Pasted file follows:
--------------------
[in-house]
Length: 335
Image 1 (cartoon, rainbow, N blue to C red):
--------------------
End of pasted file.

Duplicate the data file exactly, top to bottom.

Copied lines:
[in-house]
Length: 335
Image 1 (cartoon, rainbow, N blue to C red):